Make Self-Service Checkouts Work More Effectively

Self-service checkouts are increasingly common in supermarkets and chain stores, not to mention at airports. Lifehacker reader and frequent commenter 66biscuits offers a useful tip for ensuring your groceries (or tickets) are recognised quickly.

66biscuits explains that it's all about having sufficient light:

I've found that for laser scanners, holding your item in such a way that as much light as possible falls on the barcode itself seems to help. It seems more consistently successful to me. I reason that more light increases the contrast of that which is being scanned, aiding the process.

I used to work on airline check-in and occasionally provided assistance to those trying to use the self-service kiosks (a little ironic), and found that if people got out of the way of the overhead lights while trying a scan they would have more success. I've used this same principle since then and it seems to work everywhere there are problematic scanners.

An obvious-but-still-worth-mentioning additional point: check the item and locate where the barcode is. I often see people frantically waving goods at my local supermarket, blissfully unaware that the code is pointing towards them and invisible to the scanner.

Got any additional tips for getting through self-service checkouts quickly? Share them in the comments. Thanks 66biscuits!


Comments

    Also, make sure you're not trying to scan a damn orange which hasn't got a barcode. My wife used to work as "helpdesk" for these self-service checkouts in the states, and she said a lot of her time was spent telling older people that if it doesn't have a barcode, it won't scan. Given that barcodes have been around since the 50s (UPC since the 70s, I know), it shouldn't be that hard to remember, right?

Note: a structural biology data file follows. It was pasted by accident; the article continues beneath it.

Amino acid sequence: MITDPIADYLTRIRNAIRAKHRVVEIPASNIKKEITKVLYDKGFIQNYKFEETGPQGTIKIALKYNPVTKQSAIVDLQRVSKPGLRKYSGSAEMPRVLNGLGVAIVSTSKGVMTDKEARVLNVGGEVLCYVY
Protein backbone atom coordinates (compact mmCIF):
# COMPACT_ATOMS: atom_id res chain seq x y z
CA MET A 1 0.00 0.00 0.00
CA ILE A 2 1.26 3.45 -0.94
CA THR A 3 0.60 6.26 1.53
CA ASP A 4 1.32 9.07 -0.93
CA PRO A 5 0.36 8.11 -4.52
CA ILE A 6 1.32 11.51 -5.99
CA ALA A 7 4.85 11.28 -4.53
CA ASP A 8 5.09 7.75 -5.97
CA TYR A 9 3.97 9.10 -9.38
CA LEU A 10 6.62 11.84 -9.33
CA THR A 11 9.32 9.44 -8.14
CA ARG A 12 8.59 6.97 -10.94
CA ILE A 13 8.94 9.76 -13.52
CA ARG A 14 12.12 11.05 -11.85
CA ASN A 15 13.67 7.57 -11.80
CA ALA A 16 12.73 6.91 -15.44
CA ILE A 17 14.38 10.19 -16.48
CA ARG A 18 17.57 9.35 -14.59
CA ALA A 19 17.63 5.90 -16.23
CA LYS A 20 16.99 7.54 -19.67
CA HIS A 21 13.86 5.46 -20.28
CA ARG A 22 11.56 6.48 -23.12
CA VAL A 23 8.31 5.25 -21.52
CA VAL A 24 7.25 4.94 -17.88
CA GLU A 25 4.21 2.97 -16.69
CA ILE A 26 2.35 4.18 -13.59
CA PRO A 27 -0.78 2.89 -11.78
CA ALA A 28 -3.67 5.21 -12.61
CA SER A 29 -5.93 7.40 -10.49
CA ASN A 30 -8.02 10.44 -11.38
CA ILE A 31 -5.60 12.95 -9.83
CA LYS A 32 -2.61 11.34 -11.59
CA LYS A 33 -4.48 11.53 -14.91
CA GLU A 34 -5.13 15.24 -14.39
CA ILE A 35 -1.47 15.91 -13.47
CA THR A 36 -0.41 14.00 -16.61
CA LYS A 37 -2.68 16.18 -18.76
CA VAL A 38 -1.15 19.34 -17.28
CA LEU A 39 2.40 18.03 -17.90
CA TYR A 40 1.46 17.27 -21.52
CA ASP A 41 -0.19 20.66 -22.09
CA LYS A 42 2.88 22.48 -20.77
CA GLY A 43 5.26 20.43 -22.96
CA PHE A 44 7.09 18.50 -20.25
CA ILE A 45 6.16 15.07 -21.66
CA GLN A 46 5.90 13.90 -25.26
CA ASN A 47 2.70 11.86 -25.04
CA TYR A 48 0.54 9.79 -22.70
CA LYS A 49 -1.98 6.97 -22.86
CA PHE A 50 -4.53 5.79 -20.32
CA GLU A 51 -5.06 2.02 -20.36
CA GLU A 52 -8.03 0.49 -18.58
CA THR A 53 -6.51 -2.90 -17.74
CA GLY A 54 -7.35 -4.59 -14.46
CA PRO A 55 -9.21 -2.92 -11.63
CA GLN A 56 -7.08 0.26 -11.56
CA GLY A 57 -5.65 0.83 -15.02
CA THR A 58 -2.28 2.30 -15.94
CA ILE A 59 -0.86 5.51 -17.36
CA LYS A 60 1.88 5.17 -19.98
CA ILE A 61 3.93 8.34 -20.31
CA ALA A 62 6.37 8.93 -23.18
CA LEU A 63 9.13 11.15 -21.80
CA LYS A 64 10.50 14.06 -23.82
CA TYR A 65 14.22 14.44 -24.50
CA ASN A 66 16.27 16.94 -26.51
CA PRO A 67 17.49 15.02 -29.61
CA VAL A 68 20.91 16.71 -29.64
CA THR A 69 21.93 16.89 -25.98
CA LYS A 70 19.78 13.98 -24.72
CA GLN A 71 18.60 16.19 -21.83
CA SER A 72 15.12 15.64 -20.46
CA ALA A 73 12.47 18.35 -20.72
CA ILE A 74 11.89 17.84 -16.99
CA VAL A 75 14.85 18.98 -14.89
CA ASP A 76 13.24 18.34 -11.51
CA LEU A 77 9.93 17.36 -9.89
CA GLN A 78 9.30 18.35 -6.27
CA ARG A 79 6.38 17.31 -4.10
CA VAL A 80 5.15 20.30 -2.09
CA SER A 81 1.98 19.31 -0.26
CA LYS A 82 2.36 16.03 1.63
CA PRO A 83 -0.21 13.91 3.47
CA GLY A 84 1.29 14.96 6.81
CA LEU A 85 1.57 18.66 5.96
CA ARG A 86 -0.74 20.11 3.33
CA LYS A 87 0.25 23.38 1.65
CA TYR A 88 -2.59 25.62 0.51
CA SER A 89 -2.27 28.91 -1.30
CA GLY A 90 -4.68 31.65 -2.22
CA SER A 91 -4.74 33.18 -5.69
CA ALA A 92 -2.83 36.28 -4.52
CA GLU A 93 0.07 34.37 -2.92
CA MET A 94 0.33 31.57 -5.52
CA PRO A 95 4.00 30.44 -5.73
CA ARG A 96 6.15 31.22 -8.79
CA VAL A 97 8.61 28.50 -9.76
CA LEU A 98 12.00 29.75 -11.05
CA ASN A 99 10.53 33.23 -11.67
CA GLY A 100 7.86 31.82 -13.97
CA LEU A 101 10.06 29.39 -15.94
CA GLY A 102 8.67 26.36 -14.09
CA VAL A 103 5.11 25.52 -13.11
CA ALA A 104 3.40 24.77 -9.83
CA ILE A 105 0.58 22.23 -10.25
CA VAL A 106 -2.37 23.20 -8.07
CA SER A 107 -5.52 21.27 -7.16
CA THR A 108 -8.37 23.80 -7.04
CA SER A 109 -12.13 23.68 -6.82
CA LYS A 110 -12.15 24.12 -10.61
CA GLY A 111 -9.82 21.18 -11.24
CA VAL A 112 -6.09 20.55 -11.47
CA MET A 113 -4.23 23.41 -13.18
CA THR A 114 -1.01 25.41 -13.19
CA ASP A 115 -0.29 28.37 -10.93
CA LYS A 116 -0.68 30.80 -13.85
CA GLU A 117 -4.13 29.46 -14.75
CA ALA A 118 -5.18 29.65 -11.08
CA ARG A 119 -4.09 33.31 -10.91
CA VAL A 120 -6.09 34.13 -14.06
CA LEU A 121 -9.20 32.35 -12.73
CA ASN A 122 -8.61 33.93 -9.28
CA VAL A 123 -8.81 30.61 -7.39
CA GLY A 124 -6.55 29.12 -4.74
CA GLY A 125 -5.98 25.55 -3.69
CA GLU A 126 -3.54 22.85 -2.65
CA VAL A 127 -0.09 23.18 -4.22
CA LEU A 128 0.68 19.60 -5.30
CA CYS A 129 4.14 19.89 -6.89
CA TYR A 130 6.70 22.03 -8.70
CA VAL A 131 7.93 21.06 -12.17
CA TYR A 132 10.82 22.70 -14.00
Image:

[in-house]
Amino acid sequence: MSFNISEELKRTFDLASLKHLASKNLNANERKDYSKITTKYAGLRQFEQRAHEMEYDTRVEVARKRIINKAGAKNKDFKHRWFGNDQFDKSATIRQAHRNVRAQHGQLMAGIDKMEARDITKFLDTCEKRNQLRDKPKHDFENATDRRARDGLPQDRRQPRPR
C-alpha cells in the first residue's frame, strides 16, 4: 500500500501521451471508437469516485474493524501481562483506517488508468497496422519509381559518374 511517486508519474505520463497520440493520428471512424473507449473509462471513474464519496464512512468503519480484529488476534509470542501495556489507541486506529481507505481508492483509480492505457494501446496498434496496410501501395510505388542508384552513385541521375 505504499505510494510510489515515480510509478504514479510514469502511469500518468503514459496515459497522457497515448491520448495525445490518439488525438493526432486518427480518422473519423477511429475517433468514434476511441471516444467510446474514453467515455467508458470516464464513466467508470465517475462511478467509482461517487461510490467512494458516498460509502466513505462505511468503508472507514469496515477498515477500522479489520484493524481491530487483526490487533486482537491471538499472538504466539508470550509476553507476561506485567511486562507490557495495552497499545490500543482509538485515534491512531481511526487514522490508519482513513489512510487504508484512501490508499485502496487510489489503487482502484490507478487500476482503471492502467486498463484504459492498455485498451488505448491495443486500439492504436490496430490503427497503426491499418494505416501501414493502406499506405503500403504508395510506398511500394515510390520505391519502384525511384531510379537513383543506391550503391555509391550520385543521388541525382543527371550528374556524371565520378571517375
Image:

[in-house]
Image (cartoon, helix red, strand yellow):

Not exactly a tip for getting yourself through quickly, but more so everyone else who is stuck behind you: If you've got a trolley, go to a normal staffed register instead of making everyone else wait while you bugger around rearranging things in your trolley while also blocking the way.

    At the supermarket checkout people need to be more aware of the process. Once you scan an item the system will not scan anything until it has calculated that an item of the correct approximate weight has been placed into the bag. The lights are red while this is happening and you cannot scan any items until the lights go green. Same goes for removing a bag (once the light is green, you can take a full bag).

    If you don't wait for the green light you'll invariably run into issues and require the assistant to fix it for you.

      really dislike "item removed from the bagging area"
      its not like they give you any room to bag large items

        Agreed, Mac

        People need to be more aware of the process? The process needs to be less prone to problems.

        Most stores have a "new bag" button, or one similarly labelled, which will allow you to remove the items you've already scanned and free up space.

    a lot of times you can bypass a lot of stuff. For example if it is on the menu and you scan something it will just go straight to the scanning process.

    Still i do not understand how people find it so hard to use seeing as it explains it everytime you use the thing. "please scan an item. now put the item in the bag. Now swipe your atm card and enter your pin which is 7243" yet people still find it hard to use.

      I reckon the machines talk to much. They don't shut up.

    I just go to BiLO where a real person will talk to me and bag my stuff.

      I'm with you Chris, though I shop at Foodland - real people are generally more pleasant than machines.